Dogs (n = 10; weight range, 24-34 kg) were fasted overnight. Fluid deficits were replaced with 0.9% saline (500 ml), and intravenous fluids were continued at 3 ml [middle dot] kg-1[middle dot] h-1for the duration of each experiment. After instruments were calibrated. baseline systemic hemodynamics were recorded in the conscious state. LV pressure, segment length, aortic blood pressure, and aortic blood flow waveforms were recorded to analyze LV diastolic function and aortic input impedance [Zin([small omega, Greek])]. A series of LV pressure-segment length diagrams were recorded during abrupt reduction of LV preload via the inferior vena caval hydraulic vascular occluder for subsequent analysis of LV systolic function, as previously described. 
After inhalational induction and tracheal intubation, anesthesia was maintained with 1.5 MAC isoflurane (end-tidal concentration = 1.92%) during positive-pressure ventilation in an air-and-oxygen (25%) mixture. The MAC values of isoflurane and xenon assumed in this investigation were 1.28% and 119%, respectively. [17,21]Hemodynamic measurements were repeated after 30 min equilibration. Dogs then received 30%, 50%, and 65% xenon (MG Industries, Malvern, PA) in a sequential manner in addition to 1.5 MAC isoflurane. The inspired concentration of nitrogen was decreased as the concentration of xenon was increased to maintain a constant inspired oxygen concentration at 25%. Hemodynamic waveforms were recorded at end-expiration after 20 min equilibration at each dose of xenon. Thus the entire duration of anesthesia was 90 min. End-tidal concentrations of isoflurane and xenon were measured at the tip of the endotracheal tube using a portable mass spectrometer (Marquette Medical Systems, Milwaukee, WI) that was specifically calibrated to detect xenon. The mass spectrometer was calibrated with known standards before and during experimentation. Acid base status and arterial blood gas tensions were maintained at conscious levels by adjusting the air and oxygen concentrations and respiratory rate throughout each experiment.
After the completion of experiments in healthy dogs, the LV of each dog was paced continuously at rates between 220 and 240 beats/min, as previously described. [18,20]Dogs were paced for 16 +/− 3 days (mean +/− SEM) to develop LV dysfunction. A state of myocardial dysfunction was assumed when left ventricular end-diastolic pressure was >or= to 20 mmHg in the conscious state with the pacemaker off. Dogs were fasted overnight before experimentation, and fluid deficits were replaced as described before. LV pacing was discontinued for the duration of the experiment. Systemic hemodynamics and LV pressure, segment length, aortic blood pressure, and aortic blood flow waveforms were recorded in sinus rhythm in the conscious state and during isoflurane anesthesia in the presence and absence of xenon, as described above. Thus a total of 20 experiments were performed that compared the effects of isoflurane and xenon before and after the development of rapid LV pacing-induced cardiomyopathy in the same 10 dogs.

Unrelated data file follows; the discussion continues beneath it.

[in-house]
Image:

Determination of Indices of Left Ventricular Function and Afterload
The slope (MW) of the regional preload recruitable stroke work relation derived from a series of LV pressure-segment length waveforms was used to quantify myocardial contractility. The time constant of LV isovolumic relaxation [small tau, Greek] was calculated using the derivative method. The peak rate of increase of myocardial segment length during early LV filling (dL/dtmax) was determined by differentiating the segment length waveform. A regional chamber stiffness constant (K) was derived from the LV pressure-length relation during diastole assuming a simple elastic model. LV afterload was quantified with Z (in)([small omega, Greek]) spectra and interpreted using a three-element Windkessel model of the arterial circulation, as previously described. [18-20]Briefly, digitized, steady state aortic blood pressure and blood flow waveforms were transformed from the time to the frequency ([small omega, Greek]) domain using power spectral analysis to determine Zin([small omega, Greek]). Each calculated Zin([small omega, Greek]) spectrum was corrected for the phase responses of the aortic pressure and blood flow transducers. Characteristic aortic impedance (Zc) was determined as the average magnitude of Zin([small omega, Greek]) between 2 and 15 Hz. Total arterial resistance (R) was calculated as the difference between the magnitude of Z (in)([small omega, Greek]) at zero Hz and Zc. Total arterial compliance (C) was determined directly from steady state aortic pressure and blood flow waveforms using a previously validated formula. For the purpose of calculating C, end systole was defined as occurring at the dicrotic notch of the aortic pressure waveform.
Statistical analysis of the data within and between groups in the conscious state and during isoflurane and xenon anesthesia before and after the development of pacing-induced cardiomyopathy was performed by analysis of variance with repeated measures followed by application of two-tailed Student's t test with Duncan's adjustment for multiplicity. Probability values < 0.05 were considered significant. All data are expressed as mean +/− SEM.
As shown in Table 1, 1.5 MAC isoflurane increased heart rate and decreased mean arterial pressure, LV systolic pressure, cardiac output, and stroke volume. Left ventricular end-diastolic pressure was unchanged. Isoflurane decreased MW, +dP/dtmax, and %SS, consistent with a direct negative inotropic effect (Figure 1). Decreases in -dP/dtmin, dL/dtmax, and K occurred during isoflurane anesthesia, but [small tau, Greek] remained unchanged (Figure 2). Isoflurane also reduced R and increased C (Figure 3). Characteristic aortic impedance (Zc) was unchanged. Xenon caused minimal additional hemodynamic effects when this gas was administered to healthy dogs anesthetized with isoflurane (Table 1). Xenon decreased heart rate and increased end-diastolic segment length. Arterial and LV pressures, cardiac output, and stroke volume were unchanged. Indices of LV systolic function and LV afterload also remained unchanged when xenon was added to 1.5 MAC isoflurane (Figure 1and Figure 3). Increases in [small tau, Greek] and decreases in the magnitude of -dP/dtminoccurred in healthy dogs that received isoflurane and xenon. Indices of early LV filling and regional chamber stiffness remained unchanged, however.